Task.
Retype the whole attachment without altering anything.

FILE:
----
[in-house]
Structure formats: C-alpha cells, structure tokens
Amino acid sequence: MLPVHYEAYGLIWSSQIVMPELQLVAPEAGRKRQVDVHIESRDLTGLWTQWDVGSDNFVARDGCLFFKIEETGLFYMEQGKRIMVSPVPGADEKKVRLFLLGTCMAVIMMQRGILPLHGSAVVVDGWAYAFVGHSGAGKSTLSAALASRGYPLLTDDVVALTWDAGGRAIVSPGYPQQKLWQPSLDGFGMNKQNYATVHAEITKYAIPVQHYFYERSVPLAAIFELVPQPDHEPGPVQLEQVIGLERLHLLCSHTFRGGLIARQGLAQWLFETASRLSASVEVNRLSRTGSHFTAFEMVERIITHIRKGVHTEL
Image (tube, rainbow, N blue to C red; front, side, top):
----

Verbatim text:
[in-house]
Structure formats: C-alpha cells, structure tokens
Amino acid sequence: MLPVHYEAYGLIWSSQIVMPELQLVAPEAGRKRQVDVHIESRDLTGLWTQWDVGSDNFVARDGCLFFKIEETGLFYMEQGKRIMVSPVPGADEKKVRLFLLGTCMAVIMMQRGILPLHGSAVVVDGWAYAFVGHSGAGKSTLSAALASRGYPLLTDDVVALTWDAGGRAIVSPGYPQQKLWQPSLDGFGMNKQNYATVHAEITKYAIPVQHYFYERSVPLAAIFELVPQPDHEPGPVQLEQVIGLERLHLLCSHTFRGGLIARQGLAQWLFETASRLSASVEVNRLSRTGSHFTAFEMVERIITHIRKGVHTEL
Image (tube, rainbow, N blue to C red; front, side, top):